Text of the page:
Burford said Edwards Communities representative told university officials that, in addition to providing hotel rooms, the developer was considering paying for meal plans on campus for the affected students and possibly letting some out of their leases.
The Province's on-site property manager declined to comment Wednesday.
Cause of delay
Inspectors for Kent's building department have had to make dozens of trips to the construction site to inspect and re-inspect different aspects of the project.
A stack of inspection slips for the project in the city's building department several inches thick tracks the numerous site visits.
Susel said the multiple re-inspections were primarily for roof trusses and floor and wall joists in the three buildings.
One part of the problem, Susel said, was that some of the project's sub contractors were moving ahead on finish work without having inspections done on the core structure.
"So we would basically say you have to go back in and remove the drywall or the insulation so we can inspect the trusses or the joist," she said. "Or we would get called for an inspection and they weren’t ready.
"The number of re-inspections has been definitely more than we’ve experienced with any of our other projects," Susel said.
She said city officials called a meeting with the project's architects and Edwards Communities representatives June 26 to talk about the re-inspection issues.
Since then, both sides have worked to move along inspections and permits.
"We are ensuring the buildings are meeting code and will be safe, and ... that those kids will be housed and provided those ancillary services they will need to transition into a new school year," Susel said.
The project's developers have had to tackle setbacks almost since its inception.
Controversy also developed around the way the developer cobbled together about 10 acres of land to build the project on land not zoned for a residential complex of that size.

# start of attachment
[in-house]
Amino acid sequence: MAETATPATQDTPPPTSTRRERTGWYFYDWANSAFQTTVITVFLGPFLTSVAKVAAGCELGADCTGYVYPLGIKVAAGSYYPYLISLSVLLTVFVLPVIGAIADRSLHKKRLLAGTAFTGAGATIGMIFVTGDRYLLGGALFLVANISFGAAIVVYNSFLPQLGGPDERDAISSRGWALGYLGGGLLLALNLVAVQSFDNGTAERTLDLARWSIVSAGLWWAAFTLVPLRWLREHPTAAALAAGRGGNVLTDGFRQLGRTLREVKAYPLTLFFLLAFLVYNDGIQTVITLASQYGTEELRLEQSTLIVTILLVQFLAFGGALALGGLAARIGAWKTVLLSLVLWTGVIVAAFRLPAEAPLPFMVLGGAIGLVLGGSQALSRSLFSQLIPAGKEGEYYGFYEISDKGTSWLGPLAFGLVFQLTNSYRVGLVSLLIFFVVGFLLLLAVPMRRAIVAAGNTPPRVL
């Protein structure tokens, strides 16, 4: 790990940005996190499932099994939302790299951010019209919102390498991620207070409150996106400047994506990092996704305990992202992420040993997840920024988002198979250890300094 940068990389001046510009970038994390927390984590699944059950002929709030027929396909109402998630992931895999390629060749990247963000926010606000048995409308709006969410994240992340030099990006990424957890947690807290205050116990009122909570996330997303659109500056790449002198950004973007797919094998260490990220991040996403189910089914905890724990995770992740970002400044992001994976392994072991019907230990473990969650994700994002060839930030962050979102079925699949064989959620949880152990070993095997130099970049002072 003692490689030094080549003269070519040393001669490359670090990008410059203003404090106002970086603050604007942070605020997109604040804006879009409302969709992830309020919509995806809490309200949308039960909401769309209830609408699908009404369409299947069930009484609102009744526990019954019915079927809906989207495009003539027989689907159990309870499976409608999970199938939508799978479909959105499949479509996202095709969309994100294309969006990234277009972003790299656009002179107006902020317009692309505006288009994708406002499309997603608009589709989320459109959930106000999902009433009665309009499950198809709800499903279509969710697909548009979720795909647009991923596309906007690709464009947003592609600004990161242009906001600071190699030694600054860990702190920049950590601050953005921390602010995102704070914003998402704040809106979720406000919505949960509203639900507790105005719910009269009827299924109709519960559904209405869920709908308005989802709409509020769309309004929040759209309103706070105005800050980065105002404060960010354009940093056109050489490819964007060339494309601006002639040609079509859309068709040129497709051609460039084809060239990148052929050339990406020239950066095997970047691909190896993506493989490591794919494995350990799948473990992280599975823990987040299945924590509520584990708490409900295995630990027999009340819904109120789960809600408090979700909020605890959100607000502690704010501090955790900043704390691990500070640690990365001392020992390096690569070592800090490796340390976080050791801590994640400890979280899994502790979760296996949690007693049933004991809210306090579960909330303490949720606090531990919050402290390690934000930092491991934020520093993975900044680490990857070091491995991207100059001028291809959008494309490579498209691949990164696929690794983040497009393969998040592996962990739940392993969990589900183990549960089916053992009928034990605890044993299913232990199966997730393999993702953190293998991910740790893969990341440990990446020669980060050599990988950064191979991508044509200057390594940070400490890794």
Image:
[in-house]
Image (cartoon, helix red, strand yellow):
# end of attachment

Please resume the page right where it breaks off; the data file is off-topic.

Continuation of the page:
Edwards Communities initially asked the city to rezone the project site to University District — a much less strict portion of city zoning code with no density cap for residential complexes.
Residents adamantly opposed the University District zoning request, and Edwards Communities came back with a request to change the project site from R-3 zoning to a more dense R-4 zoning. Again, residents spoke out against the higher density, and the developer asked for a delay to review the issue.
The company came back with a request for an overlay district to create a compromise between the R-3 and R-4 zoning, which again was opposed by residents. Then, in April 2011 the Kent Planning Commission approved a modified version of the proposed overlay district.
The controversy didn't stop there.
Earlier this year several undocumented workers at the site were arrested by Brimfield Police and later fired from the project by Edwards Communities. A construction supervisor at the project who was among those arrested was later fined by a Portage County judge on charges related to making methamphetamine.
Kent City Councilwoman Heidi Shaffer, whose Ward 5 includes the apartment complex, said she's not surprised about the delays given that the earlier controversies likely shortened the construction window.
"They’ve got a plan, and I just hope they do right by these students who are going to be displaced for the first few weeks," she said.